Rich (NJ):

    Does Estavan Florial remain a solid prospect in your opinion?


Josh Norris: He'll rank in the Top 30 and he continues to show raw tools, but he needs to stay healthy and he needs to hit. Both of his injuries are freak injuries, but they've also opened him up to serious questions about his future offensive abilities. Beyond that, he still needs to show in-zone command.

Karl of Delaware (Georgetown, Delaware):

    Of the short season hurlers moving up to full season Charleston, who are your favorites?


Josh Norris: He already pitched there a bit this season, but RHP Yoendrys Gomez is one of my favorites. He's got the stuff and the projection to make big jumps over the next couple of years and was in the mix for a Top 10 spot.

Brandon (New Jersey):

    Josh Smith had a hot start to his professional career. Where do you rank him in the top prospect list and was he close to being a top 10? Also what are your thoughts on Jacob Sanford?


Josh Norris: Smith will rank in the 30 but was not close to being in the Top 10. He's got the feel to hit that would be expected from someone with an SEC pedigree and could skip Charleston entirely and start next year in Tampa. Sanford is a bucket of tools but is very raw and will take time to develop. If it all clicks, he could become very interesting.

Jeff (Idaho):

    Has Estevan Florial shown any positive signs of growth as a hitter? Is this coming season a make-or-break year for him? Seems his struggle has been staying healthy long enough to get into a rhythm at the plate.


Josh Norris: He really hasn't had much time to show growth. Two injuries like he's had will certainly cost you a lot of development time.

Stephen (Philly):

    Besides the obvious top 2, which prospect would be most coveted by other teams in any potential winter deals?


Josh Norris: That's very difficult for me to answer, simply because every team will value NYY's prospects differently. It also depends on the trade piece the Yankees are trying to acquire.

JB (Nyc):

    Where do you land on Alexander Vargas?


Josh Norris: He's a real prospect. We ranked him No. 9 in the Rookie-level Gulf Coast League and said the following: The Reds had exceeded their international bonus pool in 2016-17, so they couldn’t sign any international players for more than $300,000 the next two signing periods. Vargas was expected to wait until July 2, 2019 to sign with the Reds, but he instead ended up signing with the Yankees in July 2018 for $2.5 million. Vargas sticks out for his defensive skills at shortstop. Vargas is an athletic defender with a quick first step and good range. His hands and feet work well and his field awareness is advanced for his age. Vargas has quality hitting actions, good feel for the strike zone and bat-to-ball skills to make consistent contact. However, because he’s so thin and has little strength, Vargas does little damage when he does connect, so getting stronger will be critical for his development, even if it’s just to hit at the bottom of a lineup. He is a plus runner who stole 13 bases without getting caught in the GCL.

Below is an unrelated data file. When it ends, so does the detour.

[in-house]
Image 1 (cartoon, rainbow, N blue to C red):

James (NJ):

    What are some reasons for optimism with Abreu? His raw stuff rates so well, but will he ever be able to command it? And beyond that, the strikeouts have yet to show up. Is that a result of wildness, or has he not found how to work pitches off each other yet? Thanks.


Josh Norris: I wrote this breakdown of Abreu and detailed—with the help of some very keen-eyed scouts—some of the issues that might be keeping him from unlocking his potential. https://www.baseballamerica.com/stories/can-yankees-prospect-albert-abreu-maximize-his-potential/ I ranked him where I did fully knowing there's a strong risk of him becoming a reliever. If he does move to the bullpen, however, his stuff is good enough that he could be a dominant late-innings, non-closer reliever.

Christian (Fort Leavenworth, Kansas):

    RHP Michael King. I know it was a lost year for him, but do you see a chance at a rotation spot for him or is he destined for a reliever role?


Josh Norris: King is one of those guys who will likely have to make it in the rotation. His arsenal is based around impeccable command and control rather than the ability to blow it by guys. He's a Ginsu knife, not a flamethrower.

Jose (NY):

    Which Yankees picture would you consider with the most upside within the entire farm system? Thank you.


Josh Norris: Luis Medina

Josh Norris: OK, all. Thanks for the questions. Hope you enjoyed the articles.

Yankees2021top10sgraphic

2021 New York Yankees Top MLB Prospects

Ranking the 10 best prospects in the New York Yankees farm system entering 2021.